- Wojtowicz (ed.), Jerzy. 1995. Virtual Design Studio. Hong Kong: Hong Kong University Press.
Very interesting post, and I was also very intrigued by some of the points made in the report by the Times Higher Education that to a certain extent contradict some points observed in the architecture studio.
As a recent graduate I agree that facebook and other on-line behaviour can be distracting from work even when if it can also be helpful. As well as ‘Facebook’, one also hears the word ‘procrastination’ in the studio on a day-to-day basis. However, it is in the very nature of this potential threat that is its positive aspect – this so called ‘addiction’ experienced by generation Y allows any sort of productive actions to be channelled through the same synthesised platform, turning a threat into an opportunity for learning without the need to recur to radical measures of blocking access to these.
Having said that, it is most important to realise that the nature of the learning environment of the design studio is opposite to that of the lecture hence the effect that parallel online worlds have on them is also divergent. Like Facebook, the design studio is predominant in an architecture students’ life – it is like a second home, where work and play are almost indistinguishable (like their use of Facebook for work). Indeed the studio is an addictive experience as the endless hours you spend there amount, working on a project that ultimately portrays you as much as your Facebook profile does to your classmates – there is an established set of interpersonal relations and unspoken reputations that have to be maintained. This idea is supported by the THE article, as the only student who was distracted in class whilst doing something ‘productive’ was an architecture student working on a design project. The exploratory, boundless design studio becomes the distraction to the more conventional, rigid methods of teaching such as lectures that are less in touch with the characters within generation Y.
Yes, thanks for pointing that out Andre. Clearly sitting in lectures with a laptop open is different to using social media to communicate, share and collaborate in project work and in the studio, and criticism of the “distracting” nature of the media applies mainly to the former.
It is nice to think of rehabilitating some of the terminology. Distraction takes the worker away from the task at hand and so is considered undesirable. But your observations about the studio suggest that “distraction” can be harnessed to good use. In any case, distraction is deviation from a particular trajectory of travel, that can help approach the task from a new angle, or obliquely.
Sometimes in a heated debate, or trying to solve a thorny problem, it’s helpful to go off topic for a while and come back to the source of contention afresh later. This is procrastination of a kind, or perhaps deferral.
I like your parallels between Facebook and the studio. Both are addictive, consuming, involve maintaining relationships and reputations. Much more could be said … but later.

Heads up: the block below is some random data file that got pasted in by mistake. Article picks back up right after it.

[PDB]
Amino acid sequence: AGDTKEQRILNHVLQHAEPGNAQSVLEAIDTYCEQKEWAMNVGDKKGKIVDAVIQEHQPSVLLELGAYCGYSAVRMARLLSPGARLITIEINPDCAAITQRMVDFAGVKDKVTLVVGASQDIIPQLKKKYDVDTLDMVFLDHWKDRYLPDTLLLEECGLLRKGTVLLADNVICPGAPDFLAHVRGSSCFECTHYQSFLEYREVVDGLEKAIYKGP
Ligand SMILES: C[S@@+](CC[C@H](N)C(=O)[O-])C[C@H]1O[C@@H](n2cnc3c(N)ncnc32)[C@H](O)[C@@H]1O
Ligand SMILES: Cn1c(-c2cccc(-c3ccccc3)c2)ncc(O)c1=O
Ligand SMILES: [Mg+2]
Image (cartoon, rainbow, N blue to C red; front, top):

Friends have pointed out an interesting article on why some teenagers like Facebook less and less: because they don’t want to be Facebook friends with their parents (Forbes article). Presumably something similar applies to students and teachers. I think University teachers have learnt not to require or impose the use of social media for student projects … further support for Andre’s observations about student-led social organisation.
In my case, i am a sound engineer and sound designer. I am from france, and have been working often with french clients while i was studying in london, and now in edinburgh. My only means of communication with them are either facebook or skype, and they became indispensable to have the opportunity to have live chats to discuss the work done and the work to do on some projects. Facebook is also the only way I use to keep in contact with those clients after the work is finished, as phone calls are expensive. I find it also a great base to start advertising my work, and find new talents to work with.
I am constantly in my computer during the lectures i take for my master, and have been doing so for all my undergraduate studies. I use it to take notes and experience for myself what the lecturer exolains about softwares, in the case of software based lectures. I have never managed to take proper notes and to keep my lectures organised on paper, so the use of computers helps me a lot in that sense. Although resisting the urge to access facebook was hard during the first few month of my undergraduate studies, the fact of not remembering anything from the lectures after they had taken place quickly made me react and i forced myself to stay focused. I beleive that motivated students that are willing to learn and to do the best they can for their study will manage to keep out of this distractive trap. For the non motivated student, however, before facebook existed, they had many other ways to create distraction for themselves during the lecture, and i don’t think facebook made any change to their behaviour towards learning.